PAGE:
A distro is an operating system built on the Linux kernel. A kernel is useless on its own and needs and operating system around it to do something. Just like the NT Kernel has Windows, the Linux kernel gets an OS too. Each OS built on Linux is called a "Linux Distribution or Distro." Each distro represents a full operating system. Examples of Linux based operating systems (distros) would include: Linux Mint, Ubuntu, Fedora, RHEL and CentOS, Suse, OpenSuse, Arch, Gentoo, Debian, etc.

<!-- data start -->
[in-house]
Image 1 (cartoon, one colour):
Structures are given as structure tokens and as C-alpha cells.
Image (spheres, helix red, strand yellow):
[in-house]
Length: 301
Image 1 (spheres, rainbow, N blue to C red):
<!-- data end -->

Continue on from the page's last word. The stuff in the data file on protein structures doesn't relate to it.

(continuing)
Not sure if I completely agree with this. I would define a distro as an OS with a custom configuration and additional software installed. These are the things that make them unique.
They all have the same basic OS components. The kernel, some sort of interface and hardware support. They may be different versions, but same components.
The different shell's (BASH, CSH, etc), GUI's (Gnome, KDE, etc) service managers (systemd, SYS-V, etc), package manager (yum, apt-get, etc) and may other things are what makes each distro different from the rest.
But then, this is just my opinion.